A Brief Report From A Rather Long Hearing

It should come as no surprise to anyone that Wednesday’s Joint Meeting of the City Council Committees on Buildings and Land Use  lasted as long as it did, starting around 10:15am with the last speaker finishing sometime after 2:15pm.  Fully half of the City Council and the Public Advocate were in attendance during the hearing although unfortunately, Land Use Chair Leroy Comrie was the only Council member who stayed to listen to all the public testimony. Fifty-three (53) people signed up to speak but only three dozen or so were left by the time they were called.  All but one speaker from the Real Estate Board of New York expressed, at the very least, extreme concern about all but two bills – Intro 20 (which enhanced landmark protections over buildings under consideration) and Intro 80 (which enhanced oversight on construction projects close to landmark properties). These two bills were supported by almost all speakers although the Landmarks Commission and the Department of Buildings did not support them in their current forms.

We’re still digesting everything that was said but both the Landmarks Commission and the Department of Buildings were in attendance and had a fruitful conversation with the Council about the proposed bills – mostly focusing on the transparency and accountability concerns. Intro 850 (which mandates a timeline for designation) and 532A (which mandates that the LPC provide a complete list of all RFEs with their current status on the website) were discussed heavily.  The implementation of a designation timeline may relieve some concerns about how LPC responds to requests, but the reality of the bill is it stifles the opportunity for the LPC to properly evaluate requests and set priorities. Landmark eligibility and agency priority were referred to several times, with the LPC making the strong point that the two are separate issues. An example was given of the Woolworth Building; the LPC knew it was landmark-eligible for years before the agency designated it.  Among the other concerns raised about this issue were the constraints of the LPC’s budgetary resources, especially in the face of a firm schedule,  and the Council’s inability to guarantee needed resources for the agency. The very frightening Replacement Materials and Economic Argument bills (Intros 845 & 846) were not deeply discussed but were almost unanimously opposed by public testimony.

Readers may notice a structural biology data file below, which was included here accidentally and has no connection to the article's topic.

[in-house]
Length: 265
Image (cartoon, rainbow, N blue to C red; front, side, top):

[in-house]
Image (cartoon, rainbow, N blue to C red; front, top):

No vote was taken Wednesday as this was the first hearing. Many people, HDC included, still have many questions in regard to the 11 bills. Council and the agencies both stated they were willing to work together on the issues these bills hoped to correct.  As new information about the progress of these and other legislation affecting historic buildings comes to light,  we will be sure to get the information out.

Most importantly,  thank everyone who came and everyone who gave testimony.  An partial list of neighborhoods represented included Auburndale, Bayside, Bedford-Stuyvesant, Bowery, Brooklyn Heights, Carnegie Hill, Chelsea, Crown Heights North, DUMBO, East Village, Flushing, Greenpoint, Greenwich Village, Harlem, Lower East Side, Mount Morris Park, New Brighton, Park Slope, Prospect Heights, Sunnyside Gardens, Tribeca, Upper East Side, Upper West Side, Vinegar Hill as well as our citywide colleagues and interested design professionals concerned about New York City’s historic buildings and neighborhoods.  Special thanks go out to former Council members and current State Senators Tony Avella and Bill Perkins for their strong statements of support for preservation and the work of the LPC. If we missed you in this list – please let us know and don’t take offense, it’s only a testament to the amount of people spilling through the doors and flooding the rooms.

Just being there,  we showed the Council Members how concerned and involved the preservation community is, and ensured that the bills will not be easily passed without full and open discussion with all the community stakeholders.  As an example of this,  CM Comrie offered to come to an HDC meeting and discuss these issues with the community.  He also offered to accept online testimony to comrie(at)council.nyc.gov, please copy to gbenjamin(at)council.nyc.gov  and hdc@hdc.org  (we’re building a record of testimony about this).

Eyewitness Coverage from Brownstoner: http://www.brownstoner.com/blog/2012/05/opening-shots-fired-with-bills-involving-landmarks-law/

The Real Deal: http://trdny.com/IJWyh4

DNAinfo: http://www.dnainfo.com/new-york/20120502/new-york-city/proposed-bill-deliberate-attack-on-landmarks-law-opponents-say

New York Observer: http://www.observer.com/2012/05/a-quiet-war-on-landmarks-or-fixing-the-problems-with-the-preservation-commission/

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